Glasgow – St Asaph

On the weekend of 28 September – 1 October, the St.Mungo Singers followed in the footsteps of their patron saint in this, the 1400th anniversary of his death. Over 40 choir members with family and friends travelled by bus toNorth Wales to visit St. Mungo’s foundation at St. Asaph and other Celtic shrines.

Chester Cathedral Cloisters

Their base for the visit was the lovely seaside town of Llandudno. They spent Saturday in Chester, enjoying the sun, the history and the shopping, before heading to St.Asaph to meet the Bishop of St. Asaph, Bishop Gregor Cameron, who had visited Glasgow in January of this year to give the homily at the ecumenical St.Mungo service in Glasgow Cathedral.

St.Asaph’s Cathedral was hosting the BBC and the North Wales International Music Festival that week but the St. Mungo Singers were able to join the Cathedral community for an Evening Service in the beautiful Cathedral. They were warmly welcomed by Bishop Cameron and the Dean of the Cathedral Nigel Williams, and John Owen Roberts, the Mayor of St. Asaph. They expressed their pleasure that the choir had come down to further cement the links between the cities St Asaph was consecrated by St Mungo to be abbot of the Church at Llanelwy when St. Mungo was called to return to Glasgow by Rydderch King of Strathclyde.

Mayor Roberts, Bishop Cameron & Mgr. Gerry after Vespers

The St.Mungo Singers had brought letters of greeting from our Lord Provost Cllr Sadie Docherty and from Archbishop Tartaglia to Bishop Cameron, and Catherine McMaster – the former Baillie of Glasgow City Council who had done so much to develop the St. Mungo Festival in Glasgow and the St. Mungo Trail – had brought from the City Council a copy of the Russian Icon of St.Mungo as a gift for the Cathedral and also a gift to St. Asaph City Council. We hope that the renewed contact between the two cities will grow in strength.

In return, Bishop Cameron gave the choir a gift for Archbishop Tartaglia and the Mayor presented Mrs. McMaster with a plaque of the St.Asaph Coat of Arms and a set of the coins produced for the Queen’s Golden Jubilee for Glasgow City Council.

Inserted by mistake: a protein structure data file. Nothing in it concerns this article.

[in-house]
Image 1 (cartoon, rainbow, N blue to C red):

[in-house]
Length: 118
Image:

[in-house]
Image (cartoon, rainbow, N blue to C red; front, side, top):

On Sunday, the choir did some sightseeing in the rain. The intention had been to visit Betws-y-Coed and Llanberis. Betws was great, despite the weather but Llanberis was literally a wash-out. An attempt to visit Bangor proved equally difficult and so the driver did the sensible thing and go back to Llandudno for lunch before heading to the ancient shrine of St. Winefride at Holywell (the Lourdes of Wales) for Mass.

A guide explains the history of St Winefride’s Well

The Singers were welcomed by the local community who joined in enthusiastically with the music of theMass.There was also an opportunity to be blessed with a relic of St. Winefride. After Mass, the choir were shown round the shrine, which has been a pilgrimage centre for centuries, and given a brief history of its development.

On Monday, as they made their way home, the Singers made their final visit – to the Franciscan Friary and Padre Pio Centre at Pantasaph where again they received a warm welcome for Mass, this time from Fr. Louis Maggiore, a Geordie friar with an Italian ancestry! In contrast with St.Asaph and Holywell, both honouring saints from the earliest days of Christianity in our islands, this shrine and retreat centre honours a saint from our own times.

The Mass, followed by tea in the Friary hall, was a lovely and fitting finish to the weekend. The consensus as we returned to Glasgow was that the trip had only been a taster and encouragement to come back toWales to learn more about the Celtic Christian history of Wales.

The choir with Fr. Louis at Pantasaph